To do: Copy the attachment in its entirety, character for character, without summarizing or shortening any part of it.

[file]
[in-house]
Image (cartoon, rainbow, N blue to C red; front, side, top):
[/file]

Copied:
[in-house]
Image (cartoon, rainbow, N blue to C red; front, side, top):